Integration tests part 4 – Nexus plugins integration test


October 26, 2009 By Marvin Froeder

Continuing the series of articles, let’s check how we do integration tests for nexus plugins.

The kungfu virus scanner

The kungfu virus scanner is a simple nexus plugin. It will prevent nexus from caching infected files (it will still serve the file, but won’t cache it). To know if a file is infected or not, there is a “sophisticated” algorithm that checks if the file has the word “infected” in its name. It is used for demonstration purposes only and is useless for everything else. You can download its source files here.

To run our test, first of all, we will need a Nexus instance that will be launched and used to hold the plugin being tested. Originally we used the maven-dependency-plugin to unpack the Nexus bundle. Then, we used the same to copy the plugin under test to nexus plugin-repository directory. This alone would mean about 20 lines in the POM and no potential for reuse between different plugins, so we decided to write a specific testing plugin to create the environment required by Nexus plugins. Thus was born the nexus-test-environment-maven-plugin (we should come up with a shorter name =D ).

The nexus-test-environment-maven-plugin copies the Nexus instance, the nexus-plugin, the plugins on which the plugin under test depends, and any extra asserts that need to be copied to Nexus or its environment. The plugin allocates random ports used to load Nexus or other services. It also creates a properties file with all the paths and ports. And a few more things… Here is an example of a basic use:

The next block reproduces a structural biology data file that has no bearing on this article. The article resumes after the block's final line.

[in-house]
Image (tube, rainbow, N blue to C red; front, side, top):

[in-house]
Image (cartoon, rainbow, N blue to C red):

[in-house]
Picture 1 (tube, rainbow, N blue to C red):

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      <plugin>
        <groupId>org.sonatype.plugins</groupId>
        <artifactId>nexus-test-environment-maven-plugin</artifactId>
        <version>1.2</version>
        <executions>
          <execution>
            <goals>
              <goal>setup-nexus-plugin-environment</goal>
            </goals>
          </execution>
        </executions>
        <configuration>
          <nexusVersion>${nexus.version}</nexusVersion>
        </configuration>
      </plugin>

The only required parameter is the Nexus version that should be used to run the plugin. That execution will unpack a Nexus instance, will install the current project as a Nexus plugin, will unpack Maven (useful for some tests), will reserve ports for some services like e-mail, jar server, http proxy and others. You will be able to select to start all these services during the test.

Since our project has unit and integration tests, we will use failsafe-maven-plugin to execute the integration tests:

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      <plugin>
        <groupId>org.codehaus.mojo</groupId>
        <artifactId>failsafe-maven-plugin</artifactId>
        <executions>
          <execution>
            <goals>
              <goal>integration-test</goal>
              <goal>verify</goal>
            </goals>
          </execution>
        </executions>
      </plugin>